DOJ’s Civil Rights Division Head Is Violating Federal Law and Her Actions May Be Void
Vanita Gupta, the acting head of the U.S. Justice Department’s Civil Rights Division, apparently has been working in violation of federal law for more than a year and a half.
That may render all of the official actions she has taken during that period—lawsuits, demand letters, hires, you name it—“void” and of no effect.
To deter presidents from trying to get around the Senate’s constitutional “advise and consent” role in executive branch appointments, Congress passed the Federal Vacancies Reform Act in 1998. A key section of the law sets restrictions and time limitations on how long someone can remain as the “acting” official in a position that must be confirmed by the Senate.
The assistant attorney general for Civil Rights is one such position, according to the “Plum Book,” the official list of all such positions in the executive branch that is published by the U.S. House of Representatives Committee on Oversight and Government Reform.
Under the Federal Vacancies Reform Act, when an office that requires Senate confirmation becomes vacant, “the first assistant to the office of such officer shall perform the functions and duties of the office temporarily in an acting capacity subject to the time limitations of section 3346.” The time limitation set by that section is 210 days.
The law stipulates that, if the president submits a nomination to the Senate, the 210-day limit can be extended as long as the nomination is pending in the Senate. But it also stipulates that if an acting officer violates this time limitation, all actions taken by that individual “shall have no force or effect.”
Which brings us to Gupta. Her biography on the Civil Rights Division website says she was appointed on Oct. 15, 2014, by President Barack Obama “to lead the Civil Rights Division at the U.S. Department of Justice.” It describes her as the “chief civil rights prosecutor for the United States.”
The official Justice Department press release from that same day states that Gupta will “serve as principal deputy assistant attorney general and acting assistant attorney general for the Civil Rights Division” (emphasis added).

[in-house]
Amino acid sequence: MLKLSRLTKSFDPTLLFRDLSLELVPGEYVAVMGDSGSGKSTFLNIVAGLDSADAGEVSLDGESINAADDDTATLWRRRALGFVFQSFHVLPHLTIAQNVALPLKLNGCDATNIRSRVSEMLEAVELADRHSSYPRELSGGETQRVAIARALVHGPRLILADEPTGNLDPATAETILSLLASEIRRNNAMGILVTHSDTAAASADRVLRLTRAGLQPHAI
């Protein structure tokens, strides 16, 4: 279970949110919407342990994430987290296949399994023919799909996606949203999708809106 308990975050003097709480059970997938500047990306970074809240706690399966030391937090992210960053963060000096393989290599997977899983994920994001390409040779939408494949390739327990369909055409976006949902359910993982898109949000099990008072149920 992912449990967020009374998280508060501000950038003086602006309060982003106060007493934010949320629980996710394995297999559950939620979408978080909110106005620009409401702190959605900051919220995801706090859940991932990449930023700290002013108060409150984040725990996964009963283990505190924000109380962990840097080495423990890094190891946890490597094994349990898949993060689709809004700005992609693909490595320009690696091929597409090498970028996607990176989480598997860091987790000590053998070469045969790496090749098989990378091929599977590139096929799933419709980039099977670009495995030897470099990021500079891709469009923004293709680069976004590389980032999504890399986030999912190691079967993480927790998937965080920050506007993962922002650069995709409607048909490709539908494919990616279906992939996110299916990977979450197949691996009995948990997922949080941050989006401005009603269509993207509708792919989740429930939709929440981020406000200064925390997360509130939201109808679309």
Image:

Why is this important? Because Obama never actually nominated Gupta to be the assistant attorney general for Civil Rights, nor did he ever recess appoint her into the job.
The “principal deputy” position she holds is the No. 2 position in the division—the equivalent of the “first assistant” position specified in the Federal Vacancies Reform Act.
An Aug. 7, 2001, opinion (25 Op. O.L.C. 177 (2001)) by the Justice Department’s Office of Legal Counsel confirmed this interpretation. It states that the principal deputy—“a term of art that refers to the top deputy of a presidentially-appointed, Senate-confirmed officer”—qualifies as the “first assistant” for purposes of the Federal Vacancies Reform Act.
Obama never formally nominated anyone to fill this post after Gupta was appointed. Consequently, Gupta has remained the designated acting assistant attorney general since that designation was made on Oct. 15, 2014. That means her 210 days of being able to hold the acting position expired on May 13, 2015, 18 months ago.
Under DOJ regulations (28 CFR §0.50), enforcement of “all federal statutes affecting civil rights, including those pertaining to elections and voting, public accommodations, public facilities, school desegregation, employment, … housing, abortion, … and authorization of litigation in such enforcement” is “assigned to … the assistant attorney general, Civil Rights Division.”
Thus, it is the assistant attorney general who has the authority to enforce the law—not any of the subordinate staff within the Civil Rights Division.